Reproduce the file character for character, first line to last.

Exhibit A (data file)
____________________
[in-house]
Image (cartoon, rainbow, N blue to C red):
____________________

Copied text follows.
[in-house]
Image (cartoon, rainbow, N blue to C red):